Thursday, May 27, 2010
Tougaloo College, MLK, and Courage
Earlier this week, one of Ta'Nehisi Coates' blog posts about courage and Civil Rights activists caught my attention. (Coates had gotten on the topic as a result of Rand Paul's troubling comments about civil rights). As a graduate of Tougaloo College in Mississippi, the accompanying image that Coates printed with his blog post, shown above, was quite familiar to me.
The photograph from 1963, taken by Fred Blackwell, shows two Tougaloo students and a professor trying to integrate a Woolworth's lunchcounter in Jackson, Mississippi, as they are enduring the taunts and torments of a group of angry white people.
The black woman at the end is Tougaloo student Anne Moody; the white woman with her head turned away is Tougaloo student, Joan Trumpauer Mulholland (Touglaoo is a black school, but numbers of progressive and activist-minded white students and professors journeyed South and attended or worked at schools like Tougaloo to assist with the Movement.)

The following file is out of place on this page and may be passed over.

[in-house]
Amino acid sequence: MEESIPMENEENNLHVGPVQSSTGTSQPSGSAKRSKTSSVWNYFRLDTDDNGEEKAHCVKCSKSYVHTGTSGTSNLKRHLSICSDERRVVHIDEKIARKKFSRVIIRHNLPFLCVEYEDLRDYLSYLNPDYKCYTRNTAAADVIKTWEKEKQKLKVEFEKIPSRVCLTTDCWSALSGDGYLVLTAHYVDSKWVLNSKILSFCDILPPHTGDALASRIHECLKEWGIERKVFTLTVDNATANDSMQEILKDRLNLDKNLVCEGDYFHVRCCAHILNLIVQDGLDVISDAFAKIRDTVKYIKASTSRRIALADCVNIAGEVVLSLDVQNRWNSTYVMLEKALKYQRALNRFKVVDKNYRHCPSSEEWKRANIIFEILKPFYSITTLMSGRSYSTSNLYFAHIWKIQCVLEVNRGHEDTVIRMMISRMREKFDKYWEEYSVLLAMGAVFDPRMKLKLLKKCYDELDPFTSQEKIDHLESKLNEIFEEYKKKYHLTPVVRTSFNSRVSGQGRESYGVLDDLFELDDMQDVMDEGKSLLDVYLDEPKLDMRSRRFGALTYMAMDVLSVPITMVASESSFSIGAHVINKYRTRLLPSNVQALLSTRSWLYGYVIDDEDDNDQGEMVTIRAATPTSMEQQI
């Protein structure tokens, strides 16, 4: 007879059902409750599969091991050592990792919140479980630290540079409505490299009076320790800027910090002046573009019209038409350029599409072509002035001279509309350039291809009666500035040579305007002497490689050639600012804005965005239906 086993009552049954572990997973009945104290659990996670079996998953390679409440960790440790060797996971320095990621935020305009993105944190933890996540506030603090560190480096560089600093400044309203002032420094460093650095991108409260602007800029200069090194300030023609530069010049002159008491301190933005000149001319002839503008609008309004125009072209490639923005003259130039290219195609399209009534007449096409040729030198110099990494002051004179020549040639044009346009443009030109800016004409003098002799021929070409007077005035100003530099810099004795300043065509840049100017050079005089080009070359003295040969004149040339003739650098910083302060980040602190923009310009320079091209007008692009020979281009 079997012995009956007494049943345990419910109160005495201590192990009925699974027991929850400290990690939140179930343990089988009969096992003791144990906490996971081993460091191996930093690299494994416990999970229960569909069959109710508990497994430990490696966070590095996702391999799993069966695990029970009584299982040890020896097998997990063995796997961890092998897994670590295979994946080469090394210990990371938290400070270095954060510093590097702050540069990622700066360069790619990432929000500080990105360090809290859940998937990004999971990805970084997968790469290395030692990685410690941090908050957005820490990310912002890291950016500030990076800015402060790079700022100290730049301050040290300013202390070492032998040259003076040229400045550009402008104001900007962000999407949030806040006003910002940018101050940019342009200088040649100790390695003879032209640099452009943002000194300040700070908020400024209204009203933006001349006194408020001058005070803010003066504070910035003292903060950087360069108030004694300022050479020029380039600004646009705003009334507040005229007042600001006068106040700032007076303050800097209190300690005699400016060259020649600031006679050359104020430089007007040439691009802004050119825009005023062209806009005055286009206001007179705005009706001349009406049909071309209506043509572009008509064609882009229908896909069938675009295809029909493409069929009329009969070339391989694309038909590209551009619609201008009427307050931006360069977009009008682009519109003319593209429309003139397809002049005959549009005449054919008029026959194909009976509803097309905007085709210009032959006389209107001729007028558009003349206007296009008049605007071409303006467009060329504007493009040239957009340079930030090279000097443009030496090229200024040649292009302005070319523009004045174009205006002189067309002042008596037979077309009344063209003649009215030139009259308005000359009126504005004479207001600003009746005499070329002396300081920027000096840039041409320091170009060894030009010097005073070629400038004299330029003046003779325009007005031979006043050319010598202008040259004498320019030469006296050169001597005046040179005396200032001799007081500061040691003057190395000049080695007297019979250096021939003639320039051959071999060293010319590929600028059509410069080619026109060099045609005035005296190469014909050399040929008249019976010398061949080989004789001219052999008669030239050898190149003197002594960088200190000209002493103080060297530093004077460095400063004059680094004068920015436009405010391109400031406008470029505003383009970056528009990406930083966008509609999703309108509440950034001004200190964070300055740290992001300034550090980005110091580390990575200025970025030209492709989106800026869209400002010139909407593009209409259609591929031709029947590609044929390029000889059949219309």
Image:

The man (Native American) seated with the students was a Tougaloo professor, John Salter. As the image shows, these folks were being "doused with mustard, ketchup, water, Coca-Cola, spray paint and a bounty of insults." Actually, Salter "is covered in condiments and blood. He had been hit with brass knuckles."
Coates followed up his initial post on courage and posted an image on his blog of a 1960's mugshot of Mulholland. Interestingly, Mulholland's son, Loki Mulholland, sent Coates a thank you note, which Coates presented on his blog.
Loki Mulholland also sent along an image of his mother giving Martin Luther King, Jr. a tour of Tougaloo's campus.
Now, while I was a student at Tougaloo (1995-1999), I always heard stories about MLK coming on campus during the Civil Rights Movement. But today was the first time that I got a hold of this visual evidence of King's visit during the 1960s.
I'll reach out to some of my Tougaloo connects to see if they can identify any of the other folks in the photo and the exact spot on campus where the image was taken.